17June 2024

Public Speaking Tips for Vocabulary

‘Words have meanings’
- as NLP practitioner and writer Shelley Rose Charvet would say.
Certain words can be loaded with extra meaning on certain occasions and for certain audiences.
Politicians are occasionally accused of ‘dog-whistle’ politics, using vocabulary that on the surface may seem innocent enough, but carries a deeper layer of implied meaning for those tuned in to the underlying message.

As speakers, we must remember that the written word differs from the spoken word.
Speakers are first and foremost speakers and not necessarily poets, however, there is always the option to use more creative and arresting words in order to increase impact.
Speakers tend to do this, particularly at the beginning and the end of a speech.
Our vocabulary is always a means to make a point of reinforcing a message;
it is not primarily to delight or charm.

Specialist speeches may require specialist vocabulary. It is then it is up to the speaker to decide whether his audience may need help in defining some of those terms (so as not to lose or confuse) or whether they are expert enough to understand the terminology.
The job of the speaker is to carry the audience through to the end of the speech and if individual members of the audience become lost during the presentation or if there is anything they do not understand, their attention will tend to wander and then they will probably give up altogether.
So we should not just want to
- dazzle with our brilliance
- mesmerise with our artistry or
- patronise with our intelligence.
We simply want to carry every possible member of our audience through from our introduction to our conclusion and hopefully with a few nods of agreement or approval on the way.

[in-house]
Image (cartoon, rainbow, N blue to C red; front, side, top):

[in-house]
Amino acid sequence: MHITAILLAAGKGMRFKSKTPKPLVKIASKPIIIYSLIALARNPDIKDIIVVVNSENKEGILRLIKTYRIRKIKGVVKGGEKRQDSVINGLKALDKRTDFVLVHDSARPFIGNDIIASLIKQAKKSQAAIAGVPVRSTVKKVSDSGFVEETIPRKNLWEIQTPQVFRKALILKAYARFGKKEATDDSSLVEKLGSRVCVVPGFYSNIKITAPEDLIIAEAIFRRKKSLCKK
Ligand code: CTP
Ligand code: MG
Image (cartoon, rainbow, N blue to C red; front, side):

On the other hand, we do not want to talk down to our audience by over-simplifying what to them may already seem obvious.

So part of reading and researching the audience will also guide us toward the right words to reach them.
The vocabulary needed for a presentation explaining ‘how’ to do something (a set of instructions) will probably need to be simpler in form and words than a speech designed to stir passions.

10 tips on vocabulary in Public Speaking

To bring out Key words

  1. For Emphasis

This tip could apply equally in an article on ‘Use of Voice’ because the best way to make a word stand out is to place an emphasis on it when it is spoken
If I were to tell you to ‘never give up’, clearly the important word is ‘never’ and so that is the word that I would emphasise.  Therefore first of all I, the speaker, need to have a clear idea of which words contain the key meaning.
There is a famous phrase used in teaching students the significance of correct inflection:
‘I did not say she stole the money.’
Try repeating that sentence and each time emphasise a different word and you will find that each time the meaning changes.
That is the power of the spoken word!
Written words can have ambiguous meanings, but in the mouth of a speaker, it is the choice of emphasis that leads to meaning.